The wider economic downturn and the gap between online and traditional offline advertising revenues in the magazine industry have been referred to in every panel I’ve attended so far (though more often than not it’s referred to as ‘challenging times’). But has the mag industry faced facts?
Dylan Jones, editor of GQ, doesn’t seem to think so:
“When we come out of this recession many industries will be the same, but the mass market motor industry and the newspaper industry will be changed forever,” Jones told delegates.
“There are many people in the magazine industry who think it won’t effect them, but we could equally be having these conversations in two or three years time about the magazine industry.”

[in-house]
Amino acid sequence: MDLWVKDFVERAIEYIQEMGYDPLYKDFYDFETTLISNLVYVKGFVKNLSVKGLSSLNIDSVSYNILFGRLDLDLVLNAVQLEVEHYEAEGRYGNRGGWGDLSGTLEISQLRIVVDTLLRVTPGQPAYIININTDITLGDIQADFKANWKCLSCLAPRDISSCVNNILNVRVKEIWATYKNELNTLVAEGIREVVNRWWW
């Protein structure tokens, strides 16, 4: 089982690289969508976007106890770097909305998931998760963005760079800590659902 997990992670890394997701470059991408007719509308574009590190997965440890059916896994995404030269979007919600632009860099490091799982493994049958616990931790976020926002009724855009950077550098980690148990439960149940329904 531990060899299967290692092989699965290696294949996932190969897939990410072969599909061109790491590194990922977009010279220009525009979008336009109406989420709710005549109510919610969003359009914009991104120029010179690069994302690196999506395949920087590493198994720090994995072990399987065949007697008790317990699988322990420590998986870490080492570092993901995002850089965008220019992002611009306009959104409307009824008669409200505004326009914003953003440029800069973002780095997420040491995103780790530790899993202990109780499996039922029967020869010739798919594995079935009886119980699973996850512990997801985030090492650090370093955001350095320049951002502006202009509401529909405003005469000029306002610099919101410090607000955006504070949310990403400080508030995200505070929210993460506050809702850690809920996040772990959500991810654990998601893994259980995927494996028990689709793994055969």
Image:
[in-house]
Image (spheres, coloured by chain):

There will be more cost-cutting, in particular staff reductions, as the industry realises the impact, he added. (GQ’s publisher Conde Nast reportedly axed five per cent of its US magazine staff last October)
For other’s the downturn is a huge opportunity for innovation and restructuring. Google’s UK MD, Matt Brittin, predicted that the current climate would accelerate certain types of user behaviour online. For example, the use of search and free technologies to create their own content.
The challenge for publishers is to monitor these changes and respond to the consumers’ changing needs online – often by embracing new, free technologies themselves, but also by finding new ways to serve up their content that will be found through specific search queries, for instance, or relating to niche topics.
According to Brittin, opportunities exist – with Google’s help of course – within the ‘first downturn in a truly digital age’.
- FIPP 09: Fears ahead for magazines – what concerns those at the top?
- FIPP 09: Audio: Keynote from Google’s Matt Brittin
- #soe09: Google doesn’t need newspapers – but do newspapers need it?
- Ernst & Young: Online search will help reverse fortunes of display and classified ads
- Almighty Link: What would it look like if news organisations blocked Google?